On the surface of the Red Planet, normal bodies of water cannot exist for long periods of time under today’s conditions. It’s possible, however, that very salty “puddles” or reservoirs of liquid (“brines” in technical language) could remain stable on or just below the surface for some amount of time, especially during the Mars spring and summer months, when ice deposits thaw. Whether these puddles are suitable for life as we know it, however, remains questionable.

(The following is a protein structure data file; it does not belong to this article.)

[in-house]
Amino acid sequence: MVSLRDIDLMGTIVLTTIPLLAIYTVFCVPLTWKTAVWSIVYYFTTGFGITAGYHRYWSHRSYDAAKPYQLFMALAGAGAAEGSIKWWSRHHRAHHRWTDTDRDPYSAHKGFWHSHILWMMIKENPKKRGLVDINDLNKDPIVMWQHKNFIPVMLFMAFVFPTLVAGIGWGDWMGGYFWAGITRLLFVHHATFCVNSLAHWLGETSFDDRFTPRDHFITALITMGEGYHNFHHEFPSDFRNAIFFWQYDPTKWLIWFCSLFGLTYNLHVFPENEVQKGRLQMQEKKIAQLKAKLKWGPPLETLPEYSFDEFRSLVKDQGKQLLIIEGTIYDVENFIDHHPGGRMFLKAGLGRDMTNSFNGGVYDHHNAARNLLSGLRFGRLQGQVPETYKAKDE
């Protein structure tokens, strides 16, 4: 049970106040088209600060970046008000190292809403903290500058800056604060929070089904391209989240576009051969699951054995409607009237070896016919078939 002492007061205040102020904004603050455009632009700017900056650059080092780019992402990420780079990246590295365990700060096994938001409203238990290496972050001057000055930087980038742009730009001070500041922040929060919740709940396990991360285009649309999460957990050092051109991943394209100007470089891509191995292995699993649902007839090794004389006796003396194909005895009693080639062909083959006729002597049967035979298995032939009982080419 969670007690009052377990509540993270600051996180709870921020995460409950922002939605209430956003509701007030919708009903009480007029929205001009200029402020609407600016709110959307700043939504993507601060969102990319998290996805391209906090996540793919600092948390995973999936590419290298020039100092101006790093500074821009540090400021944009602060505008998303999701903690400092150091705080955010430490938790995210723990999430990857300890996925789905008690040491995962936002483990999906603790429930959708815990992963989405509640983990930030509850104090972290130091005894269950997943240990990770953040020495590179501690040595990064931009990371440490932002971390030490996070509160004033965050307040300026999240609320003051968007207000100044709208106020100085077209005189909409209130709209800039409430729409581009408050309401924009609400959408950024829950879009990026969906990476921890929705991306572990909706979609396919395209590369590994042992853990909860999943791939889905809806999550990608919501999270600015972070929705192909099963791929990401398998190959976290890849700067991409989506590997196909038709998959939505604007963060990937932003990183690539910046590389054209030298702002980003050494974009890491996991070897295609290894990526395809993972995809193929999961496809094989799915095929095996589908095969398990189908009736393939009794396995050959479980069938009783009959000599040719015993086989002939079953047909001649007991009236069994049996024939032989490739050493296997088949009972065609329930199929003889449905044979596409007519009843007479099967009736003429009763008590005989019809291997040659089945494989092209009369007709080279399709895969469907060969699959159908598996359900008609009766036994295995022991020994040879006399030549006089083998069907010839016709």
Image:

In 2018, reports sparked headlines that these brines might have conditions that are friendly to life after all. One factor speaking for this was that oxygen would dissolve very well in the brines under the conditions prevalent on Mars. While our neighboring planet’s atmosphere has only 0.145 percent oxygen (Earth: 21 percent), the brines might be relatively rich in oxygen and could therefore provide a foundation for life for microorganisms.